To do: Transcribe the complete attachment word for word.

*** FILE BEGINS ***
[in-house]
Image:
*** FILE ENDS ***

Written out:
[in-house]
Image: